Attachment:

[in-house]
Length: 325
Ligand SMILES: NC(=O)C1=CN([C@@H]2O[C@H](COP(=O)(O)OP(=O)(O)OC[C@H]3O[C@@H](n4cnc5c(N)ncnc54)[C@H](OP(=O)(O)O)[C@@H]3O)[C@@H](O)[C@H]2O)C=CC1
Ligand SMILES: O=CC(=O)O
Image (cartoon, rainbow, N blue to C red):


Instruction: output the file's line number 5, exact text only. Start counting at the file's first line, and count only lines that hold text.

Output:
Image (cartoon, rainbow, N blue to C red):